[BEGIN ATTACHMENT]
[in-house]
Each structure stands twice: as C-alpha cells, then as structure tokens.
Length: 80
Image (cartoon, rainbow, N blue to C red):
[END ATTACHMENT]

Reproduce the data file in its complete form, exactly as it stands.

[in-house]
Each structure stands twice: as C-alpha cells, then as structure tokens.
Length: 80
Image (cartoon, rainbow, N blue to C red):